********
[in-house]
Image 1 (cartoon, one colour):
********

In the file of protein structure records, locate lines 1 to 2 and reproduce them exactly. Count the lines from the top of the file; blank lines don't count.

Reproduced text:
[in-house]
Image 1 (cartoon, one colour):